Solvent Exposure in Work Place Associated With Cognitive Problems in Less Educated Workers

Working with solvents tied to cognitive problems for less-educated people

Exposure to solvents at work may be associated with reduced thinking skills later in life for those who have less than a high school education, according to a study published in the May 29, 2012, print issue of Neurology, the medical journal of the American Academy of Neurology.

The thinking skills of people with more education were not affected, even if they had the same amount of exposure to solvents.

“People with more education may have a greater cognitive reserve that acts like a buffer allowing the brain to maintain its ability to function in spite of damage,” said study author Lisa F. Berkman, PhD, of Harvard University in Cambridge, Mass. “This may be because education helps build up a dense network of connections among brain cells.”

The study involved 4,134 people who worked at the French national gas and electric company. The majority of the people worked at the company for their entire career. Their lifetime exposure to four types of solvents—chlorinated solvents, petroleum solvents, benzene and non-benzene aromatic solvents—was assessed. The participants took a test of thinking skills when they were an average of 59 years old and 91 percent were retired.

Barrels of industrial solvents.
Workplace exposure to solvents is linked to cognitive problems later in life for workers who had less than a high school education. Neuroscience image adapted from Flickr user

A total of 58 percent of the participants had less than a high school education. Of those, 32 percent had cognitive impairment, or problems with thinking skills, compared to 16 percent of those with more education. Among the less-educated, those who were highly exposed to chlorinated and petroleum solvents were 14 percent more likely to have cognitive problems than those with no exposure. People highly exposed to benzene were 24 percent more likely to have cognitive problems, and those highly exposed to non-benzene aromatic solvents were 36 percent more likely to have cognitive problems.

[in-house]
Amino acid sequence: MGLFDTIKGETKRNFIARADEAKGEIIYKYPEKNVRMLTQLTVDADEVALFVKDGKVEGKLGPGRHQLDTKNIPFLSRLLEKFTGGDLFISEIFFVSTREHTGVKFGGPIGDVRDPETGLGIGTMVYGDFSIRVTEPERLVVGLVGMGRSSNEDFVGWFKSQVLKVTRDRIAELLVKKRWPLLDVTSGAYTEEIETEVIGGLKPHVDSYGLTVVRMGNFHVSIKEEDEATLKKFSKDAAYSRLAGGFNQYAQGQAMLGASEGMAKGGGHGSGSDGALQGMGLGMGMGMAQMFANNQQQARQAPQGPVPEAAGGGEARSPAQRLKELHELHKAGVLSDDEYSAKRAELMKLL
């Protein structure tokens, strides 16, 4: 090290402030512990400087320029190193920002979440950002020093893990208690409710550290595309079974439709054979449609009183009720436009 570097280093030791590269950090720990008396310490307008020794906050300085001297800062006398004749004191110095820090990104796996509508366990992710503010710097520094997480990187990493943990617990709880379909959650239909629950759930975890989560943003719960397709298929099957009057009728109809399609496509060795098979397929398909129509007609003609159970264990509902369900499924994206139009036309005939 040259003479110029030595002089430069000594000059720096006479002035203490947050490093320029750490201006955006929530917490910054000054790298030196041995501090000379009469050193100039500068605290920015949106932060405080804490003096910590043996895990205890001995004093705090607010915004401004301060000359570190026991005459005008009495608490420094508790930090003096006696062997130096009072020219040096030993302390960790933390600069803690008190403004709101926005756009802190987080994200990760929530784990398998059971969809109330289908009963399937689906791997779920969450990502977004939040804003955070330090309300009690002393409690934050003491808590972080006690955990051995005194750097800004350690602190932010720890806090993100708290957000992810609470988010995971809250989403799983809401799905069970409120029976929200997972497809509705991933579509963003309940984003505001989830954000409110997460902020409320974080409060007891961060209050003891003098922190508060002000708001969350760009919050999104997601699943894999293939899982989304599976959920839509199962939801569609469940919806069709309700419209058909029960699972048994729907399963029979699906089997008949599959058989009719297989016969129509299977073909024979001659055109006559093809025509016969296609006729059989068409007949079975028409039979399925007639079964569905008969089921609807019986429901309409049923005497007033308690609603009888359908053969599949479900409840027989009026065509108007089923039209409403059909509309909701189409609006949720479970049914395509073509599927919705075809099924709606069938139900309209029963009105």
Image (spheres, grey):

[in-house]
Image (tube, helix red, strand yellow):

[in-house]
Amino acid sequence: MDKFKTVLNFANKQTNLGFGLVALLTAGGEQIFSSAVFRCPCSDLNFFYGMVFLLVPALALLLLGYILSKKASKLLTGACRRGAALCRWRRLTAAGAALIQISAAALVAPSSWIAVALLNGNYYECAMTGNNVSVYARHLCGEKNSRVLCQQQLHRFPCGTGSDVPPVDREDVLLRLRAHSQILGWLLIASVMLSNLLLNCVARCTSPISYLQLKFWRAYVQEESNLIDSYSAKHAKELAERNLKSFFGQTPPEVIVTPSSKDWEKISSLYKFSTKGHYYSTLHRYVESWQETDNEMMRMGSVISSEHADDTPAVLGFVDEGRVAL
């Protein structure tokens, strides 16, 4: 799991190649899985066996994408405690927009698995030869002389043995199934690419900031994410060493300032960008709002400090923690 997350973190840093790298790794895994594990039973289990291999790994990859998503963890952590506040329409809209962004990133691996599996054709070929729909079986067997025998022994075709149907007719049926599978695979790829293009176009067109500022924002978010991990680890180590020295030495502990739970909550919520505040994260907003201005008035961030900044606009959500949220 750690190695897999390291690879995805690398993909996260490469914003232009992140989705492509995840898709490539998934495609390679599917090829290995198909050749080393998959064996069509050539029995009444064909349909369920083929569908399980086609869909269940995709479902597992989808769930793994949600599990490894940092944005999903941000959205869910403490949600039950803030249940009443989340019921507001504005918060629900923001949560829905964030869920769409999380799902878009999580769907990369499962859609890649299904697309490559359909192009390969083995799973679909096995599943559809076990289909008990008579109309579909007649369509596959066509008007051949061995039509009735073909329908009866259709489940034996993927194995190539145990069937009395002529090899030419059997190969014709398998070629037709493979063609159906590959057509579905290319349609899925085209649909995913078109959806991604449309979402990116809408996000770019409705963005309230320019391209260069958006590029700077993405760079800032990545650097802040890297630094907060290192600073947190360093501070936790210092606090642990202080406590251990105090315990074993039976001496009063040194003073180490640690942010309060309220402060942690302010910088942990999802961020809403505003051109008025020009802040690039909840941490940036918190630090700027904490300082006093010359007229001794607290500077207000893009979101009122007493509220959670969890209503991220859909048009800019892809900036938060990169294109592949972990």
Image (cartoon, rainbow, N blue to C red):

“These findings suggest that efforts to improve quality and quantity of education early in life could help protect people’s cognitive abilities later in life,” Berkman said, who worked alongside study author Erika Sabbath, ScD. “Investment in education could serve as a broad shield against both known and unknown exposures across the lifetime. This is especially important given that some evidence shows that federal levels of permissible exposure for some solvents may be insufficient to protect workers against the health consequences of exposure.”

About this neuroscience research article

The study was supported by the French National Research Agency and the French Agency for Environment and Work Health Security.

The American Academy of Neurology, an association of more than 25,000 neurologists and neuroscience professionals, is dedicated to promoting the highest quality patient-centered neurologic care. A neurologist is a doctor with specialized training in diagnosing, treating and managing disorders of the brain and nervous system such as Alzheimer’s disease, stroke, migraine, multiple sclerosis, brain injury, Parkinson’s disease and epilepsy.

Contact: Rachel Seroka – American Academy of Neurology
Source: American Academy of Neurology press release
Image source: Neuroscience image adapted from Flickr user Licensed under Attribution 2.0 Generic.
Original Research: Abstract for “Occupational solvent exposure and cognition: Does the association vary by level of education?” by E.L. Sabbath, ScD, M.M. Glymour, ScD, C. Berr, MD, PhD, A. Singh-Manoux, PhD, M. Zins, MD, PhD, M. Goldberg, MD, PhD and L.F. Berkman, PhD. Published in Neurology May 29, 2012 vol. 78 no. 22 1754-1760. doi: 10.1212/WNL.0b013e3182583098

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